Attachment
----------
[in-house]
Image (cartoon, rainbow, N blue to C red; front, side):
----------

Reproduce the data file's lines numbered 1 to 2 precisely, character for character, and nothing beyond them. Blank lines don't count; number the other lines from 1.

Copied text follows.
[in-house]
Image (cartoon, rainbow, N blue to C red; front, side):